G.R. No. 126950, 02 July 1999, 309 SCRA 692


Edras Nufable owned an untitled parcel of land located at Poblacion, Manjuyod, Negros Oriental, consisting of 948 square meters, more or less. He died on August 9, 1965and was survived by his children, namely: Angel Custodio, Generosa, Vilfor and Marcelo, all surnamed Nufable. Upon petition for probate filed by said heirs and after due publication and hearing, the then Court of First Instance of Negros Oriental (Branch II) issued an Order dated March 30, 1966 admitting to probate the last will and testament executed by the deceased Edras Nufable. However, one of the heirs, Angel actually mortgaged the entire property to DBP two months prior to the settlement which property was eventually foreclosed. Thereafter, Nelson, son of the mortgagors, purchased said property from DBP. The other heirs now filed for the annulment of sale in favor of Nelson. The Court of Appeals rendered the assailed decision granting one-fourth of the property to Nelson and the other three-fourths to the other heirs.

Petitioners filed this present petition contending that the probate of the Last Will and Testament of Edras Nufable did not determine the ownership of the land in question as against third parties.


Whether or not the Last Will and Testament of Esdras Nufable and its subsequent probate are pertinent and material to the question of the right of ownership of petitioner Nelson Nufable who purchased the land in question from, and as acquired property of the Development Bank of the Philippines.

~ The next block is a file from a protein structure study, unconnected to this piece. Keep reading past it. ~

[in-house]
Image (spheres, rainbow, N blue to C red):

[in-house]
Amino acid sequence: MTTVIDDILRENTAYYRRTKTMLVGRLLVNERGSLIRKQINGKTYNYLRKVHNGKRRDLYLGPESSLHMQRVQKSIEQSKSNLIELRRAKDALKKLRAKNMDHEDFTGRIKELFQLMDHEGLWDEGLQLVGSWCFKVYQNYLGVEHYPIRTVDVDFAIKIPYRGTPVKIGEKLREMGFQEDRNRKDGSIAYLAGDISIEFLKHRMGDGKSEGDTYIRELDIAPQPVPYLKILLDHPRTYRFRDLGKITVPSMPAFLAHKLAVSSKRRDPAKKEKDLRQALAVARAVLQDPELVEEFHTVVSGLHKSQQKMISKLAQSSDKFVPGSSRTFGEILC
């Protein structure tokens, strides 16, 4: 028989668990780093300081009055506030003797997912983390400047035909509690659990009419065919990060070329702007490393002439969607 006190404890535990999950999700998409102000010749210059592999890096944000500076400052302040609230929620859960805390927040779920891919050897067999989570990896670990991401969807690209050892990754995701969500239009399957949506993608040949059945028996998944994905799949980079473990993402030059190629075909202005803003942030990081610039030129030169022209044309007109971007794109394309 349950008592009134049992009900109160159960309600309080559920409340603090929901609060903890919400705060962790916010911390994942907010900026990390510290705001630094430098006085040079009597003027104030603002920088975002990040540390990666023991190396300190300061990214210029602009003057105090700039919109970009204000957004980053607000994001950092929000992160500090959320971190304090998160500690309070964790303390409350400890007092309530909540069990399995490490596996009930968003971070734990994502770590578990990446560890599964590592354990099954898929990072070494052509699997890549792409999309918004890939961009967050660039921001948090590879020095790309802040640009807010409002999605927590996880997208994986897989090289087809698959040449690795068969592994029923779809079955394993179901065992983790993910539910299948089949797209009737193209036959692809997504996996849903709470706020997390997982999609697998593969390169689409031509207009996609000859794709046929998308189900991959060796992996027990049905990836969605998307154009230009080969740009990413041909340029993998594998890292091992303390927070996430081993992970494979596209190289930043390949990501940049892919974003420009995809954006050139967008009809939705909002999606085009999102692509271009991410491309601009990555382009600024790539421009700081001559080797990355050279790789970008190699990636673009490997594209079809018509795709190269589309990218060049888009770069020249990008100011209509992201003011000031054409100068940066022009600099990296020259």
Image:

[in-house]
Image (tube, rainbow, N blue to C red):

No, the Last Will and Testament of Edras and its subsequent probate do not affect the title of Nelson. At the time when the entire property was mortgaged, the other heirs of Edras had already acquired successional rights over the said property. This is so because the rights to the succession are transmitted from the moment of death of the decedent. Accordingly, for the purpose of transmission of rights, it does not matter whether the Last Will and Testament of the late Esdras Nufable was admitted or that the Settlement of Estate was approved. It is to be noted that the probated will of the late Esdras Nufable specifically referred to the subject property in stating that “the land situated in the Poblacion, Manjuyod, Negros Oriental, should not be divided because this must remain in common for them, but it is necessary to allow anyone of them brothers and sisters to construct a house therein.” It was there for the will of the decedent that the subject property should undivided, although the restriction should not exceed twenty (20) years pursuant to Article 870 of the Civil Code. Thus, when Angel Nufable and his spouses mortgaged the subject property to DBP on March 15, 1966, they had no right to mortgage the entire property. Angel’s right over the subject property was limited only to 1/4 pro indiviso share. As co-owner of the subject property, Angel’s right to sell, assign or mortgage is limited to that portion that may be allotted to him upon termination of the co-ownership. Well-entrenched is the rule that a co-owner can only alienate his pro indiviso share in the co-owned property. Hence, The Court of Appeals did not err in ruling that Angel Custodio Nufable “had no right to mortgage thesubject property in its entirety. His right to encumber said property was limited only to 1/4pro indiviso share of the property in question.”

*Case digest by Maria Novie Taruc, LLB-IV, Andres Bonifacio College Law School, SY 2018-2019